And although I would agree with the list above of the "worst physical things we can do to our body," I would like to add a worst mental/metaphysical thing we do to our body, which often times has more of an adverse effect than some of the items above... and this one thing can lead us down the path of engaging in these items above. It is the practice of "I don't deserve..." and "I just can't..."

I'm not talking about the mental practice of telling ourselves, "I deserve...", as in "I deserve a raise" or "I deserve a better parking place or promotion." There seems to be enough practice of self-inflation within our society; so many feeling that they are owed something for having not done anything. I'm talking about the mental practice of telling ourselves, "I don't deserve... to be loved... to be happy... to be vital..." It's no wonder that people in general have gotten more and more rude with one another - the way we see ourselves on the inside is the way we often treat others. It is a mentally, spiritually, emotionally, physically crippling practice that strips our spirit one layer at a time. We all deserve to be loved, to be happy and to be vital. And we all owe it to ourselves to love ourselves, to be good to ourselves and to feel vital in Life.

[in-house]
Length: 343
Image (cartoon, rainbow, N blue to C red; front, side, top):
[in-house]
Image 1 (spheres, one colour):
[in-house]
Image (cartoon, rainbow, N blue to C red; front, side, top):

Second, when I say "I just can't...", I am referring to the multiple buts we carry around each day. "I would like to get more exercise but..." and "I would like to get involved but..." With so many buts being dragged around, it's no wonder we're tired by the end of the week. We owe it to ourselves to stop this debilitating practice of "can't"ing ourselves to death. In raising an 8-year-old and 2-year-old triplets on a daily basis, I have to believe that we can do almost everything we set out to do and what we can't do, God can finish for us. It's that simple. We may not ever run a marathon in under 4 hours, but we can get out and walk. We may never serve as an influential world leader, but we can serve as an impactful member of our family and community.

You can do it - whatever you set your mind in accomplishing. If you don't believe it, call me. And you do deserve to be loved and happy. If you don't believe it, call me as well.

Perhaps we need to put down those extra french fries, go out with a friend and reaffirm each other on all that lies ahead to be accomplished in our individual lives. What a great fitness plan for 2006.